On the economy, a buoyed Chancellor aims to create another 2 million jobs, and is targeting full employment, as the Office for Budget Responsibility (OBR) forecasts that a further 1 million jobs will manifest in the next 5 years.
On spending, Osborne vows to make savings of £34 billion over the term of this current parliament, stressing that half of this figure will come from slashing the budgets of government departments.
Yet it’s the outstanding £17 billion which is worrying most people in the UK, as the Tories announce that they’ll oversee some £12 billion of welfare cuts.
The remaining £5 billion will be recruited from tax avoidance and loopholes according to the man from the Treasury.
The public sector will not see pay rises beyond 1% until 2019 at the earliest, as this figure is capped, while an additional £8 billion is set aside to be pumped into the ailing NHS as promised in the Tories recent election manifesto.
Meanwhile, and in terms of pay, a new Living Wage – slated to reach £9 per hour by 2020 and compulsory for the over-25s – will initially be set at £7.20 from April 2016, and stewarded by the Low Wage Commission henceforth.
Greeted by a mixed response from critics, including the OBR, who suggest that it will have a ‘fractional’ effect on employment in the UK, and almost offering a detrimental one as they see it, hinting that employers won’t be able to match the living wage expectations resulting in a predicted 60,000 fewer jobs as a result of this legislation.
The Chancellor argues that a figure of 6 million employees will witness pay rises on its introduction. 29 million people are in line to see their tax bills diminished as a direct result of the increasing of the tax-free personal allowance (up from £10,600 to £11,000 by 2016), while the threshold for 40p rate raised from £42,385 in existing tax year to £43,000 in 2016-17.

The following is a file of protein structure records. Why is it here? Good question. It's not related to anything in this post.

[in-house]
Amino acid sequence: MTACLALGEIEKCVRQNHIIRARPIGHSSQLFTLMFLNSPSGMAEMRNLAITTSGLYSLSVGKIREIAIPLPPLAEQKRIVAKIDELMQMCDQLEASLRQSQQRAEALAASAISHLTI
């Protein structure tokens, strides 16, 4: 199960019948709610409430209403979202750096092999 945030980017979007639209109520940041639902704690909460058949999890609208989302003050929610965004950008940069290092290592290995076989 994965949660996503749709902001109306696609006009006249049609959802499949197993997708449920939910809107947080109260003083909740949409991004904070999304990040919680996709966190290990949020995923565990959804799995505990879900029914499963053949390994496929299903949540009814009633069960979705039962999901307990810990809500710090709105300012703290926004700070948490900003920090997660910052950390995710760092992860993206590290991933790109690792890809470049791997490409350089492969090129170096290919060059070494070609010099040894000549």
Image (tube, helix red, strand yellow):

The benefits system will undergo a shake-up as mentioned above, and with the £12 billion of welfare savings made more money will be freed up to go towards providing greater means for both the elderly and disabled according to Osborne’s maths.
Disability benefit will neither be taxed nor means tested as some people feared, yet 18 – 21-year olds will have their automatic entitlement to housing benefits wrestled away from them unless they agree to ‘earn or learn’.
What’s more, 2017 sees the ushering in of 30 hours free childcare each week (double the current 15) providing that all parents of 3 and 4-year olds work if they are to receive this universal benefit.
The Conservative governments’ welfare reform continues by announcing that residents on higher incomes living in social housing will have to pay what’s considered the market rate for the property they’re living in, whilst rent payments for social housing will see a total cut of 4% over the next 4 years.
Mainstream insurance policyholders and motorists will have to dig even deeper as Government’s Summer Budget is delivered
One of the headline-grabbing stories from the summer budget is that tax credit and universal credit support will, from April 2017, be restricted to just the first 2 children in any family, however twins and triplets will be the notable exclusions to this new ruling.
Another biggie is the breaking news that buy-to-let landlords will be handed markedly less tax relief on their mortgage interest payments, the shortfall of which could well be passed on to tenants.
So from 2017 buy-to-let mortgage holders will only be able to offset interest accrued against costs at the basic rate of tax, rather than the higher rate as is.
Although a move which won’t necessarily be welcomed with open arms from the UK’s landlords, from a housing market perspective this acknowledges the risks to stability posed by an overheated property market.
Staying on a housing theme, and people who leave their sub-£2 million valued bricks and mortar to their children will benefit from an extra £175,000 on their inheritance tax allowance from 2017, adding to the current £325,000 standard inheritance tax allowance.
Elsewhere pensioners with an income in excess of £150,000 annually will be subjected to reduced tax-free contributions allowances, cut from its present £40,000 to a minimum of £10,000, while Osborne is said to be currently consulting with financial experts on the idea of implementing a new ISA-style pension whereby savers would be bearable to taxation on their incomes put in, but not when withdrawing.
It’s still very much a case of watch this space at the moment though. On a (marginally) lighter summer budget note, it materialised – as widely predicted – that local councils would be given the powers to decide on Sunday trading hours – a decision which didn’t go down well with the Labour Party nor trade unions – while the Tories confirmed rumours that the BBC would pick up the TV licensing tab for all those over the age of 75-years from now on.